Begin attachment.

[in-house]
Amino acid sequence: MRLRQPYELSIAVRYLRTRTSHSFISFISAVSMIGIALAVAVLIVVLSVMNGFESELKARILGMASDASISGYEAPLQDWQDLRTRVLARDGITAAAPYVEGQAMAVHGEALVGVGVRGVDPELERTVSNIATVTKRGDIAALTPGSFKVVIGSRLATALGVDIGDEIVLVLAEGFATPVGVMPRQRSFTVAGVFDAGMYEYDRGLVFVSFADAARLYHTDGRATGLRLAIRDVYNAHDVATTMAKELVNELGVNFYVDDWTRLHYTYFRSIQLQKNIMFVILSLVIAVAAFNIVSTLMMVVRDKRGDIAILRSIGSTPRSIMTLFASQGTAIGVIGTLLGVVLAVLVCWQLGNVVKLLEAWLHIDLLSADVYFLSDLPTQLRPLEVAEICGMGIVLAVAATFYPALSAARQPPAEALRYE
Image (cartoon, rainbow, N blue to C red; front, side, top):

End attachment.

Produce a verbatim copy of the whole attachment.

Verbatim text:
[in-house]
Amino acid sequence: MRLRQPYELSIAVRYLRTRTSHSFISFISAVSMIGIALAVAVLIVVLSVMNGFESELKARILGMASDASISGYEAPLQDWQDLRTRVLARDGITAAAPYVEGQAMAVHGEALVGVGVRGVDPELERTVSNIATVTKRGDIAALTPGSFKVVIGSRLATALGVDIGDEIVLVLAEGFATPVGVMPRQRSFTVAGVFDAGMYEYDRGLVFVSFADAARLYHTDGRATGLRLAIRDVYNAHDVATTMAKELVNELGVNFYVDDWTRLHYTYFRSIQLQKNIMFVILSLVIAVAAFNIVSTLMMVVRDKRGDIAILRSIGSTPRSIMTLFASQGTAIGVIGTLLGVVLAVLVCWQLGNVVKLLEAWLHIDLLSADVYFLSDLPTQLRPLEVAEICGMGIVLAVAATFYPALSAARQPPAEALRYE
Image (cartoon, rainbow, N blue to C red; front, side, top):